A big thanks to our colleagues at Intuit who co-hosted our successful symposium.
So much information was imparted at the symposium that we’re posting the resources with a bit of context. Please check out the presentations and use the information with proper citation.
For the short version, check out the Carolyn Said article “Entrepreneurs thrash out future of flexible work” that was in the San Francisco Chronicle.
DATA, TRENDS, AND OPPORTUNITIES
Marysol McGee, a Senior Community Development Analyst, Division of Consumer and Community Affairs, Board of Governors of the Federal Reserve presented Survey of Enterprising and Informal Work Activities. The Federal Reserve’s work looks at what the world of independent work looks like; who’s doing it; how much are they making; and what kind of work is being done. The report confirms and legitimizes what those of us who have been looking at this suspected – a lot of people are engaged in some kind of independent work, about 70 million or 36% of the workforce.
Steve King, Partner at Emergent Research, has been working with Intuit to study the independent workforce for quite a long time. Their recent work focused on the financial hardships and safety net for this population. Some of the interesting findings include:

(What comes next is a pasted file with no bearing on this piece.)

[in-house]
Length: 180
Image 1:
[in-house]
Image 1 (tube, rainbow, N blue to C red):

- Online activity is very much part-time at 11 hours a week or 22% of income.
- Many people doing independent work have full-time jobs that and are supplementing their income.
- Independent work is fairly volatile, which is a big problem.
- Forty-one percent of those faced financial hardship and were working in the gig economy to help make it through that hardship.
- Future research should investigate whether or not this is a stop-gap measure or if the trend will continue.
Steve then questioned Michael McGeary, Head of Policy for Upwork, about Upwork’s new study on the geographical location of buyers and sellers of services on their platform – in 96% of transactions, buyers and sellers were more than 50 miles apart. The implications are that if someone graduates Cal State Chico or Fresno and wants to scale a business, they can stay in the smaller, more affordable community and bring needed economy vitality to rural and edge communities. One concern that was raised is that we have to figure out how U.S. workers aren’t at a disadvantage to European and other foreign workers when it comes to hourly rates.
THE ENTREPRENEUR’S VOICE
Eri Gentry, Research Manager for the Technology Horizons Program at Institute For The Future (IFTF), presented the seven archetypes of entrepreneurship as illustrated in IFTF’s “Voices of Workable Futures” report. After which, she introduced our panel who told their stories and discussed their challenges and what they need to be successful. Participants included:
- Josh Garber, lawyer, UpCounsel
- Victor Sandifer, owner of Run the World Clothing, uses Lyft
- Terra Williams, owner of Duet Vintage, uses Etsy